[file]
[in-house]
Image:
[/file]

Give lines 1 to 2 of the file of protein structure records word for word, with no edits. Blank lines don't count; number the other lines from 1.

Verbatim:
[in-house]
Image: